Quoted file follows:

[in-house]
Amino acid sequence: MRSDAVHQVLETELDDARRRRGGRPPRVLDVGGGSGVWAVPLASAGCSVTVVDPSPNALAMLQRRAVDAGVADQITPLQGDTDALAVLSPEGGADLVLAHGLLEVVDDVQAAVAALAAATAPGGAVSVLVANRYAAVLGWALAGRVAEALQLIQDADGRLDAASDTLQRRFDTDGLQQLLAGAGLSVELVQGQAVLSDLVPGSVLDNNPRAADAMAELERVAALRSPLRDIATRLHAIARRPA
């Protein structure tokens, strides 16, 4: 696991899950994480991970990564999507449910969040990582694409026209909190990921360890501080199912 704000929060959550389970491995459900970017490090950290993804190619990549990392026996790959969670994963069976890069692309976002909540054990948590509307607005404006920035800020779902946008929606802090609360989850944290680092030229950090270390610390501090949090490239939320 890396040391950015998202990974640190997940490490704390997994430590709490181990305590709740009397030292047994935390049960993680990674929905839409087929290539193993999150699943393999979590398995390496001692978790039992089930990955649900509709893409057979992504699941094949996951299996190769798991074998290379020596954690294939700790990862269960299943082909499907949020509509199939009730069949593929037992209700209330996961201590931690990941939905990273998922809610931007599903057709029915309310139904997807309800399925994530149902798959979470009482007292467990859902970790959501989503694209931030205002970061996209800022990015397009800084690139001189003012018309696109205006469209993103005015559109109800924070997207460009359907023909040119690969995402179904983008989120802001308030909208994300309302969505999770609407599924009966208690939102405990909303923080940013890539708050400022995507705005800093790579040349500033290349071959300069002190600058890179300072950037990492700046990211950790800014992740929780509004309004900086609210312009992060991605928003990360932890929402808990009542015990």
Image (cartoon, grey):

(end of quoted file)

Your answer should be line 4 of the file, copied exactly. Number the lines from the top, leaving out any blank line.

Image (cartoon, grey):